Who uses anger and violence to get attention and dominate others? Why? Fear of scarcity? Being controlled? Who sacrifices being true to themself by clinging to another? Or to the idea that life is about having someone rather than being yourself?
Who uses their membership in an organization to avoid becoming their own person? Who needs to know where they are going? To know when they've arrived? To choose the right path? Why?
Do bad things happen to good people or good things happen to bad people? How do the good people react? How do the bad people react? Why?
Time flows uninterrupted into eternity like a river—things can be tragic, but only for a season. Who is a prisoner of fate, preoccupied with what happened in the past as if today and tomorrow will be just like yesterday? Who is waiting for absolute certainty—unwilling or unable to make choices in the midst of both mystery and meaning?
Who is a prisoner of fame or fortune, caught up in keeping up, preoccupied with what is happening now, as if today is all there is?
Who is a prisoner of fear—preoccupied with what might happen, as if tomorrow is a tragic, terrifying place? Does our hero need transforming, or the thing blocking her goal? Does she put on a happy face and ignore reality, or strive to change what she can without getting bogged down or hung up in the outcome? Does he attach his hopes and dreams to the ups and downs of life?
Who blames everyone else for their problems? Who takes risks and responsibility for the outcome?
Life is paved with questions. Which questions are answered, implied, transformed, unanswered or ignored in the story? Does your hero need absolute certainty?
Speakers tend to answer questions people aren't asking. Who is constantly saying things that don't mesh with the other character's interests and goals?
Some people ask the wrong questions about life. Which character realizes his questions need transformation, not the realities of life?
Some questions have more than one answer. Who thinks questions have only one answer? Who sees truth as fixed and immutable? Who looks at things only one way, never sees the other answers? What is the outcome of their narrow perspective? Who acts as if truth is merely personal opinion? Who acts as if it is more important how a belief works than whether it is true?
Some stories polarize issues at one extreme or the other, while others take a middle road. Who or what is painted black and white? Shades of gray? Who takes one side or the other? Who ignores the conflict?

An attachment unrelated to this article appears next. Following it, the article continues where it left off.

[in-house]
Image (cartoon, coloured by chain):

Change is a prerequisite for life. We die, literally and figuratively, by losing the willingness or ability to change. Is the story you are evaluating about people who are camping out on the same old turf? Or moving down the trail? Who treats life like a port in a storm? Who risks everything for one thing? Who is the walking dead?
Most people die with their music still inside themselves—the world should grieve your passing, not your unfinished business. Who finds their music and shares it with others? Who doesn't?
Who makes up complicated lies to hide the simple truth? What are the consequences?
Who gets sick in the mind and body to avoid the health of growing up and lose family, friends and fortune? What are the consequences?
Like the woman who told her fiancé she was slightly pregnant, some people construct shades of grey to weasel out of admitting that something is either black or white. Who is like that? What are the consequences?
Most of us like our definitions fastened with a nail. Who gets frustrated when somebody comes along with a departure or a refinement in something we think is fixed and immutable? What are the consequences?
Some people need assurance and security. Who has fabricated artificial certainty to escape the challenges of faith and paradox? What are the consequences?
Hypocrites keep creed and conduct in separate little boxes in their head. Who is blind to their mutually exclusive beliefs and behaviors? What are the consequences?
Some people attach themselves to tragedies and regrets. Who is a passive satellite orbiting the past? What are the consequences?